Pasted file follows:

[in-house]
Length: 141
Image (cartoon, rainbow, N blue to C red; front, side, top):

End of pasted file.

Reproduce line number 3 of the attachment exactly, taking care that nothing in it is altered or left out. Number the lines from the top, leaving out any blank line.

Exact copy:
Image (cartoon, rainbow, N blue to C red; front, side, top):